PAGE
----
What is the Robots Exclusion Standard?

by JRO on December 15, 2013

Different types of web robots—also known as Internet bots—routinely and automatically “crawl” the Internet, fetching and indexing website pages. There’s a standard that regulates this type of activity, preventing robots from partly or fully accessing websites. This convention is known as the Robots Exclusion Standard, but how many robots are there in the world?


In 1994, the main communication channel for World Wide Web-related activities was a mailing list named www-talk. It was here that Dutch software engineer Martijn Koster—then working for UK computer security company Nexor—proposed a standard to help solve the problems that robots cause. Although Koster acknowledged their “very useful services,” he also noted that “robots are one of the few aspects of the web that cause operational problems and cause people grief.” The standard he proposed was meant to maximize the benefits of robots and minimize their problems. With major robot writers voting in favor, the Robots Exclusion Standard was created by consensus in June of that year; it became the system that web crawlers have followed ever since.


The Robots Exclusion Standard is represented by a text file named robots.txt. If you are a website owner who wants to give instructions to robots, you should place the file in the root of the website hierarchy. Thus it will read like this:


When robots see the robots.txt file, they read its contents before going anywhere else on the website. However, if there is no robots.txt file, the robots would assume that you do not have any instructions to give and thus would crawl the entire website. Also note that there are some robots that choose not to acknowledge robots.txt.


Following a specified format, the instructions on the robots.txt file are usually requests for robots on what files to ignore when crawling the site. Additionally, many robots have to pass through a user agent, which is a software agent that acts on your behalf. For instance, if you want robots to stay away from the image.html file in the “pictures” folder, the request should look like this:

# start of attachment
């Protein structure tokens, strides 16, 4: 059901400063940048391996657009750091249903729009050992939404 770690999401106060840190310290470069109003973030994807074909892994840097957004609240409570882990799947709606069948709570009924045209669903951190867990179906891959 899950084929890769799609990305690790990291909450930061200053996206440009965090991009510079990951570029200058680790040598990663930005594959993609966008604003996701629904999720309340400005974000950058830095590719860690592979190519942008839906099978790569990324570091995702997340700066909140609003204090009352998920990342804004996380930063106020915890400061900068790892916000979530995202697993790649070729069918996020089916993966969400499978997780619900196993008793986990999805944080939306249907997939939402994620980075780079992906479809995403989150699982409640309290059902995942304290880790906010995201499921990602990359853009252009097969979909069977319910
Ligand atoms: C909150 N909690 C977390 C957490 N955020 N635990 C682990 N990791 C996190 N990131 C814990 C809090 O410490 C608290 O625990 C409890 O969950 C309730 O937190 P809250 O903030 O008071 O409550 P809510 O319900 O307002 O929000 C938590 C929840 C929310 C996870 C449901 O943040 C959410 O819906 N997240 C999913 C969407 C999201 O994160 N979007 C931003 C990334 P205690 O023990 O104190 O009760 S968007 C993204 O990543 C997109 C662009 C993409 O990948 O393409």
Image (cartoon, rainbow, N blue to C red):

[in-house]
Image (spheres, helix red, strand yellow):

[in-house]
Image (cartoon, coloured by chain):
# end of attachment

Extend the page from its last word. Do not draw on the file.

User-agent: *

Disallow: /pictures/image.html

You can also prevent specific or all robots from accessing certain files or directories of your website, or ban them altogether. For example, this instruction tells a certain robot (“EvilBot”) to stay away from the “private” folder:

User-agent: EvilBot # replace ‘EvilBot’ with the actual user-agent of the bot

Disallow: /private

And for shutting out all robots, use the following syntax:

User-agent: *

Disallow: /


In counteracting the Disallow directive, robots activate their compatibility with the Allow directive. This is useful for instances when you want robots to crawl and index HTML documents in a directory that you’ve otherwise told them to avoid. For example, if you want to grant robots access to myfile.html while keeping them away from the folder in which it’s stored (“personal”), the syntax should read like this:

Allow: /personal/myfile.html

Disallow: /personal/

Another non-standard extension is the Crawl-delay parameter, which sets the number of seconds between request attempts to a server. It is typed like this (with the number representing the number of seconds):

User-agent: *

Crawl-delay: 5


Also popular is the “noindex” directive, which prevents robots from indexing an entire web page. This meta tag is particularly useful if you are operating a website with very transitory web pages, a very large database, responsive theme (for mobile-friendly purposes), or material you want to keep private.

In addition to internet security, Blake Pickett writes on computer software, web development, mobile apps, gadget accessories (including the kensington ipad keyboard case), video games like 벳엔드 후기, and other interesting tech issues.

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